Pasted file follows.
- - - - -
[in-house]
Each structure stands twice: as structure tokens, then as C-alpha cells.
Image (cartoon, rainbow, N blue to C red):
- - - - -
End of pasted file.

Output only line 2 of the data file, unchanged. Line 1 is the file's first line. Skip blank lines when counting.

Each structure stands twice: as structure tokens, then as C-alpha cells.